Open Access

Congenital hyperinsulinism: clinical and molecular characterisation of compound heterozygous ABCC8 mutation responsive to Diazoxide therapy

  • Ved Bhushan Arya1,
  • Qadeer Aziz2,
  • Azizun Nessa3,
  • Andrew Tinker2 and
  • Khalid Hussain1, 4Email author
Contributed equally
International Journal of Pediatric Endocrinology20142014:24

https://doi.org/10.1186/1687-9856-2014-24

Received: 21 August 2014

Accepted: 25 November 2014

Published: 15 December 2014

Abstract

Background

Mutations in ABCC8 and KCNJ11 are the most common cause of congenital hyperinsulinism (CHI). Recessive as well as dominant acting ABCC8/KCNJ11 mutations have been described. Diazoxide, which is the first line medication for CHI, is usually ineffective in recessive ABCC8 mutations. We describe the clinical and molecular characterisation of a recessive ABCC8 mutation in a CHI patient that is diazoxide response.

Clinical case

A term macrosomic female infant presented with symptomatic persistent hypoglycaemia confirmed to be secondary to CHI. She exhibited an excellent response to moderate doses of diazoxide (10 mg/kg/day). Molecular genetic analysis of the proband confirmed a biallelic ABCC8 mutation – missense R526C inherited from an unaffected mother and a frameshift c.1879delC mutation (H627Mfs*20) inherited from an unaffected father. Follow-up highlighted persistent requirement for diazoxide to control CHI. Functional analysis of mutants confirmed them to result in diazoxide-responsive CHI, consistent with the clinical phenotype.

Conclusion

Biallelic ABCC8 mutations may result in diazoxide-responsive CHI. Irrespective of the molecular genetic analysis results, accurate assessment of the response to diazoxide should be undertaken before classifying a patient as diazoxide-responsive or unresponsive CHI.

Keywords

Congenital hyperinsulinism Hypoglycaemia ABCC8 Diazoxide

Background

Congenital hyperinsulinism (CHI) is due to an inappropriate insulin secretion by the β-cells of the islets of Langerhans[1]. It usually presents with severe hypoketotic hypofattyacidaemic hypoglycaemia[2]. The majority of the affected newborns are macrosomic at birth and require high intravenous glucose administration to maintain plasma glucose above 3.5 mmol/l[3].

Mutations in ABCC8 and KCNJ11, which encode the SUR1 and Kir6.2 subunits of pancreatic ATP-sensitive potassium channel (KATP), are by far the most common cause of CHI and are estimated to account for 36%-69% of all cases[46]. KATP channels are octameric protein complexes composed of four pore-forming Kir6.2 subunits and four sulfonylurea receptor 1 (SUR1) subunits, and form a link between cellular metabolism and membrane excitability[7, 8]. It is thought that the β-cells in patients with CHI are persistently depolarized because of abnormally modulated or absent KATP channels. This depolarisation opens the voltage-gated calcium channels and leads to unregulated insulin exocytosis. Although dominant acting ABCC8/KCNJ11 mutations have been reported, recessively inherited mutations are more common[4, 5, 9, 10].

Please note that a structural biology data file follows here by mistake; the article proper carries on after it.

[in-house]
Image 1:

Diazoxide, which binds to the SUR1 subunit of the KATP channel and reduces insulin secretion by hyperpolarisation of the pancreatic β-cell plasma membrane, is the first line of treatment for CHI[1]. However, recessive inactivating mutations in ABCC8 and KCNJ11 usually cause severe diazoxide-unresponsive CHI due to defects in channel biogenesis, turnover, trafficking or regulation[11].

We describe a unique genotype-phenotype correlation with diazoxide responsive CHI in a patient with compound heterozygous ABCC8 mutation. Functional work on the mutants was consistent with the observed clinical phenotype.

Case presentation

Clinical case

A term large-for-gestational age (birth weight 4500 g at 39 weeks gestation) female infant born to non-consanguineous Caucasian parents presented with symptomatic hypoglycaemia on first day of life. There was no history of gestational diabetes mellitus in the mother. The proband developed tonic clonic seizures associated with laboratory blood glucose of 0.4 mmol/l at 22 hours of age. The infection and metabolic screen was negative. She required infusion of high concentration glucose (glucose infusion rate 16 mg/kg/minute) to maintain blood glucose above 3.5 mmol/l.